Frankfurter Allgemeine Zeitung suggested the temporary agreement on gas transit via Ukraine could be extended beyond 2024. If Ukraine does offer Russia a good transit deal, which is possible as it already offers discounted prices to providers from the European Union that use its infrastructure, including Poland’s PGNiG, such a scenario could take place. In such a case one could imagine that Russia would only use the pipeline’s first line (half of the 55 bcm capacity), leaving the other one free, provided it is finished, which is still up in the air, to offer supply to third parties in line with the regulations of the third energy package imposed by the revised gas directive of the European Union. This would be similar to the solution applied to Nord Stream 1 and its German leg called OPAL. If Germany doesn’t introduce a moratorium on the construction of Nord Stream 2, the parties will have to discuss the so-called shut down mechanism, which would make transit via this pipeline dependent on Russia’s conduct. One could imagine that the supply via Nord Stream 2 could be linked to a transit contract with Kiev, to allow the western clients to decide about their route. Whereas Germany could invest in natural gas and hydrogen transmission infrastructure in Ukraine to calm down Kiev. That’s when Ukraine’s idea to establish a consortium to manage its transmission network by taking over shares in the OGTSUA TSO, first formulated in the first decade of the 21st century, could reemerge. At this point Ukraine’s constitution excludes the possibility of Gazprom owning those shares, but such a variant could come into play if Kiev is pressured by Russia and its western partners that have already generally agreed on the Nord Stream 2 deal. However, the belarussisation of gas pipelines in Ukraine should be avoided. Due to its debts Belarus sold Russia’s Gazprom its gas pipelines in 2011, and consequently its gas policy lost its sovereignty. By the way, it should be said that a possible failure of the talks in Geneva could still lead to the introduction of the suspended US sanctions against the Nord Stream 2 operator and its CEO Matthias Warning. The sanctions that make certification and insurance of a ready gas pipeline impossible are still in force. Only after Americans reverse them, will it be possible to supply gas via Nord Stream 2.

What role could Poland play?

Poles could play an active role in the face of a potential deal on Nord Stream 2.

First, Poland should strive to make this dispute a European problem and make sure the European Commission plays the crucial role in the talks to decrease the impact of the visible concert of powers on the final shape of the deal. The most important element of these endeavors is to transfer the leading role in these talks from Berlin to Brussels, which would go in line with the idea of the joint climate and energy policy.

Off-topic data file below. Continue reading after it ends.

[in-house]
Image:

Second, Poles should include in the talks the issue of natural gas and hydrogen security in case Nord Stream 2 was to become a tool of russification of the EU climate policy. The supply of fuels via the contentious gas pipeline should be curbed by the priorities of the Union’s diversification policy and the by levy on products depending on GHG emissions with the usage of such mechanisms as CBAM.

Third, Poland should to the very end pursue a moratorium on the construction of Nord Stream 2 until the talks on the deal are over, to take the pressure off of the European negotiations, especially Ukraine.

Fourth, Poles should demand that the European Union take political responsibility and Germany business responsibility for the stability of gas transit via Ukraine, and then join the engagement in Ukraine’s gas sector in a way that will ensure fruitful cooperation, which had been already started by Poland’s PGNiG.

Fifth, they should take care of the bilateral context of the Nord Stream 2 talks and demand that Germany make concessions on the joint energy and climate policy in turn for the engagement in the deal on the contentious pipeline. For instance, Germany could show good will by supporting Polish projects, e.g. by agreeing to EU financing for new gas investments, or withdrawing their objection to the construction of nuclear power plants in Poland, or by engaging in such projects.